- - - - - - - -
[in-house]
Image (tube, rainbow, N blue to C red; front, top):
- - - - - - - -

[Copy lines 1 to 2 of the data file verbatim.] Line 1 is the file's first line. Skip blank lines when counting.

[in-house]
Image (tube, rainbow, N blue to C red; front, top):